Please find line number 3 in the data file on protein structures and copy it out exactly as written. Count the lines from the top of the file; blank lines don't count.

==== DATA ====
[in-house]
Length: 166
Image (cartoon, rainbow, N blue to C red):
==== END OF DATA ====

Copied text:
Image (cartoon, rainbow, N blue to C red):